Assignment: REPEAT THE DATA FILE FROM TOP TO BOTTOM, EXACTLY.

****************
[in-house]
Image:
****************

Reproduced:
[in-house]
Image: